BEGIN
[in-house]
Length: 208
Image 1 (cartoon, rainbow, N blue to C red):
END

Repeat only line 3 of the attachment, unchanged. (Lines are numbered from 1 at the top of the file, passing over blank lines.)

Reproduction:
Image 1 (cartoon, rainbow, N blue to C red):